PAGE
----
Poetry Sunday: The Second Coming by William Butler Yeats
This is one of William Butler Yeats' most famous poems. I have featured it here before, but it seems especially appropriate to these times when "Mere anarchy is loosed upon the world. The blood-dimmed tide is loosed, and everywhere
The ceremony of innocence is drowned..." So here it is again.
The Second Coming
by William Butler Yeats
Turning and turning in the widening gyre
The falcon cannot hear the falconer;
Things fall apart; the centre cannot hold;
Mere anarchy is loosed upon the world,
The blood-dimmed tide is loosed, and everywhere
The ceremony of innocence is drowned;
The best lack all conviction, while the worst
Are full of passionate intensity.
Surely some revelation is at hand;
Surely the Second Coming is at hand.
The Second Coming! Hardly are those words out
When a vast image out of Spiritus Mundi
Troubles my sight: somewhere in sands of the desert
A shape with lion body and the head of a man,
A gaze blank and pitiless as the sun,
Is moving its slow thighs, while all about it
Reel shadows of the indignant desert birds.
The darkness drops again; but now I know
That twenty centuries of stony sleep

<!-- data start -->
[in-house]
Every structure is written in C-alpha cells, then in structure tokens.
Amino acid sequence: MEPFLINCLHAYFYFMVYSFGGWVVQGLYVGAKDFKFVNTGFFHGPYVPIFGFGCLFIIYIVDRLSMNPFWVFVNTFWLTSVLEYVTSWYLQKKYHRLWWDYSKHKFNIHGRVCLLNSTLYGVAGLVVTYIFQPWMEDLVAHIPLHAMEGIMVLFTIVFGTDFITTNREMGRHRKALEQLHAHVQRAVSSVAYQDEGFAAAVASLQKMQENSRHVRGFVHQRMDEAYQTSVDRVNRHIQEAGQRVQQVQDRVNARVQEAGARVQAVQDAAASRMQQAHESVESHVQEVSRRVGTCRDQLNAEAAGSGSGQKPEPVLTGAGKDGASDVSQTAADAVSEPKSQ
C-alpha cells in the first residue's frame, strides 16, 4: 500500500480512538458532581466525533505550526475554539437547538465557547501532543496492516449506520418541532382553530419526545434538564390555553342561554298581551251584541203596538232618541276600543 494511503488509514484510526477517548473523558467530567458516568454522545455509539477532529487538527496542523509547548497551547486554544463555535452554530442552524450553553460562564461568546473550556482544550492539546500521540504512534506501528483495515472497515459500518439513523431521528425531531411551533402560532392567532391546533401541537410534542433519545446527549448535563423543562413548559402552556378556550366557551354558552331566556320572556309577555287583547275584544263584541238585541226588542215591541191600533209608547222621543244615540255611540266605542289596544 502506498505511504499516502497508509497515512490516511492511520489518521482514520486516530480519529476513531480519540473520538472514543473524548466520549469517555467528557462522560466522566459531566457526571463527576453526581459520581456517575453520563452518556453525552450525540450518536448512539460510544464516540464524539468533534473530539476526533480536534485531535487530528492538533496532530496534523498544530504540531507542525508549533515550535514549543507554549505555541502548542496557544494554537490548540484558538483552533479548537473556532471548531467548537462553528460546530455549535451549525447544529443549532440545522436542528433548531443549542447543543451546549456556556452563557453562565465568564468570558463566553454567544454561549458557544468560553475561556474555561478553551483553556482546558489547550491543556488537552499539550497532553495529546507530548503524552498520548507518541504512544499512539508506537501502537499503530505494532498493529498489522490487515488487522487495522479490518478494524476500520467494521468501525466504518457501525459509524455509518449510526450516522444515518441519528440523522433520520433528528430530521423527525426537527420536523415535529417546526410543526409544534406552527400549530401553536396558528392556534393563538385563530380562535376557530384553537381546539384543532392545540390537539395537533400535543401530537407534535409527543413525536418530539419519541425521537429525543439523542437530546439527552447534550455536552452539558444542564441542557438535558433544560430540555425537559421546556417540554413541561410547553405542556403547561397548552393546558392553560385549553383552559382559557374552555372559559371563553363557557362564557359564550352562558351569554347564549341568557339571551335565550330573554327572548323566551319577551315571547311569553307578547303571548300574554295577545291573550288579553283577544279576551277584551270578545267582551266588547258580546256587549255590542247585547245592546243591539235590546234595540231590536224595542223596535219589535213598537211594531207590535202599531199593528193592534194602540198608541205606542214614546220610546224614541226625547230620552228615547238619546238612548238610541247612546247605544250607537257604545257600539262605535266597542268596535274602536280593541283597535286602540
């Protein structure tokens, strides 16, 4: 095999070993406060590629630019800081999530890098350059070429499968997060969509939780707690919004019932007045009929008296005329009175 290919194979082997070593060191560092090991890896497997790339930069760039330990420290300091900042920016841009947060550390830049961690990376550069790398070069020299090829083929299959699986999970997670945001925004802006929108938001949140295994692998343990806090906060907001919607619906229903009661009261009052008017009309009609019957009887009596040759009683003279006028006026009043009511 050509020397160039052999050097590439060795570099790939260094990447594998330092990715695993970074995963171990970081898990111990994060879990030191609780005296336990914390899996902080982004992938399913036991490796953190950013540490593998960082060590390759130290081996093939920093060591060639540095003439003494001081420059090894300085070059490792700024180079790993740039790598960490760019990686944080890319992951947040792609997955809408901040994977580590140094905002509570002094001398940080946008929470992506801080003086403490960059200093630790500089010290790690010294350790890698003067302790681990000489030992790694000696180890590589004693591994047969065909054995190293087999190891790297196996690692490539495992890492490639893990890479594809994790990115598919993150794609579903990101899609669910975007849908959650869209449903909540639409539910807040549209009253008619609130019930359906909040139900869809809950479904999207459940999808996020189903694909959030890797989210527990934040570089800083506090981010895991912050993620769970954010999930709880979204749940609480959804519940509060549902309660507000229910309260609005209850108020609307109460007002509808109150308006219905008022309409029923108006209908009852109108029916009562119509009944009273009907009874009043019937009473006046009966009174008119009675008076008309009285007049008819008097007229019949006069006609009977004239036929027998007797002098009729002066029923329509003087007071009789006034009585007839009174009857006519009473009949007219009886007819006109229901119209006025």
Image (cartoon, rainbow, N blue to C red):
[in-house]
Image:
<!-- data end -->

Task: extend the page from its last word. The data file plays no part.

Were vexed to nightmare by a rocking cradle,
And what rough beast, its hour come round at last,
Slouches towards Bethlehem to be born?
This poem has been so impacteful. It has seeped into our culture. It is indeed a part of how we talk about things falling apart. Reading it, I can see why it has been so influential.ReplyDelete
Let us hope that our current times do not continue to be representative of what is described here.
We could all wish for a time when the worst are not so full of "passionate intensity."Delete
A well known verse, Dorothy,, oft repeated yet ever true, perhaps never more than it is today.ReplyDelete
It seems almost written for our times.Delete
Sadly, still relevant. It seems like you posted this only yesterday...ReplyDelete
Yes, it hasn't been that long, but the poem has haunted me recently.Delete
And well it should be famous!ReplyDelete
It speaks to almost any time in human history, so, yes, its fame is well-deserved.Delete
I can see why this is so famous. It's very well deserved!ReplyDelete
It has certainly stood the test of time.Delete